Yitzhak Glick cannot stand hearing his younger brother referred to as a right-wing “extremist.”
“He is a man of peace and a huge supporter of religious dialogue,” he told JTA on Tuesday, one week after his brother Yehuda was shot in the chest and stomach outside Jerusalem’s Menachem Begin Center by an assailant who fled on a motorcycle.
The alleged assailant, who worked in the kitchen at the center and who served 10 years in an Israeli prison for involvement in terrorist activities as a member of Islamic Jihad, was killed in a shootout with Israel Police at his home in eastern Jerusalem.
More than a week after the shooting, Yehuda Glick, 48, is showing signs of improvement. Shaare Zedek Medical Center on Thursday released a statement saying that Glick “was partially communicating with his environment and recognizes those around him.” He was also being weaned off of a respirator.
The Temple Mount activist used to laugh at those who labeled him an extremist and call it “ridiculous,” his brother said.
He “firmly believes Jews should have the right to pray on their holiest site,” the Temple Mount, said his brother, adding that he thinks there can be “prayer alongside and prayer along with Muslims.”
Since 2006, the New York-born activist has worked for The Temple Institute, which is dedicated to educating about the Holy Temple in Jerusalem and which has created vessels and priestly garments in accordance with descriptions in the Bible.
“I always keep my mobile phone on, in case I get the message that permission has been granted to build the Temple and I have to run,” Yehuda Glick said wryly when his cellphone rang at the beginning of his speech Oct. 29, the night of the assassination attempt, at a conference on the Jewish right to pray on the Temple Mount.
In addition to having rabbinical ordination, Yehuda Glick is a licensed tour guide, specializing in the Old City of Jerusalem, in particular the Western Wall, Temple Mount and surrounding areas.
Glick’s goal, his 54-year-old brother said, is to encourage observant Jews to visit the Temple Mount. The majority of Orthodox rabbis believe this is forbidden, following a 1967 chief rabbinate ruling that bars them out of concern they will accidentally walk on sacred parts of the Temple.
But Glick has attempted to address these concerns by meeting with archeologists to learn which areas of the Temple Mount are non-sacred and then urging rabbis to make rulings permitting visits there. He has brought thousands of Orthodox Jews to the Temple Mount in the past 15 years. Nonetheless, in December 2013, the two chief rabbis of Israel, David Lau and Yitzhak Yosef, reiterated the ban on Jews entering the Temple Mount.
Meanwhile, the Muslim Wakf, which manages the Temple Mount, bars Jews from praying at or bringing ritual objects to the site. After the Israel Police, who enforce the Wakf’s prohibition, stopped Glick from saying prayers the two sides fought it out in Israel’s Supreme Court, which ruled about three years ago that it is legal for Jews to pray at the Temple Mount, but that the police can prevent the prayer if they believe it will endanger the public.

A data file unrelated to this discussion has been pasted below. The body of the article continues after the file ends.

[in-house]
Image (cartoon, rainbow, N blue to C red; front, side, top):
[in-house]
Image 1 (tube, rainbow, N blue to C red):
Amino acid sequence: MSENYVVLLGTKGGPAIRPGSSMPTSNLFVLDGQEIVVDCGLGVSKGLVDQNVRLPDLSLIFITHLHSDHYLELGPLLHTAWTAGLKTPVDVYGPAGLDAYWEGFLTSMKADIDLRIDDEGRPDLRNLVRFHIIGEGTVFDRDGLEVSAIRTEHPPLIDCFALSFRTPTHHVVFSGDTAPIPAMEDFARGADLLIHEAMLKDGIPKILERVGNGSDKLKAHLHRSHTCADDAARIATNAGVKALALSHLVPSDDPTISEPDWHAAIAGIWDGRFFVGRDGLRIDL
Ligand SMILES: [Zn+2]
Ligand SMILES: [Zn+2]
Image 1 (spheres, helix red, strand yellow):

“Glick is an exceptional right-wing activist, who also befriends secular Jews and left-wingers,” columnist Roy (Chicky) Arad wrote in Haaretz days after the shooting. “In contrast to (right-wing lawmaker Moshe) Feiglin, who insists that visits to the Temple Mount should not be regarded as part of the discourse on human rights but rather as an issue of Israeli sovereignty, Glick views the matter as a question of freedom of worship for members of all religions, so he manages to reach a broader audience.”
Glick believes the Temple Mount could function the same way that the Tomb of the Patriarchs in Hebron does, with separate areas for Jewish and Muslim worship and where access to the whole site is provided to Jews or Muslims on certain holidays.
Glick, who has been arrested several times for praying on the Temple Mount, went on a hunger strike last October in protest of a ban on his visiting the site. Less than two weeks after he started the hunger strike police agreed to allow him to visit the Temple Mount, but without praying.
Yitzhak Glick, who travels once a month to work at a hospital in Cleveland, is the founder of the Efrat Emergency Medical Center – which treats both Jewish and Palestinian patients from the Gush Etzion area. He also volunteers as the center’s medical director and visits nearby Palestinian villages to provide free medical care to its residents.
A representative of the United States’ diplomatic corps spoke with the family on Tuesday, a week after the shooting. The call came hours after a report circulated on Facebook, and later in the Israeli media, that no representative of the U.S. government had contacted the family.
Yehuda Glick, the father of eight, is a resident of the West Bank settlement of Otniel, located south of Hebron, where he oversees the foreign student program at the Otniel yeshiva.
“Yehuda was always a doer,” Yitzhak Glick said. “He always felt he had to do something meaningful for someone.”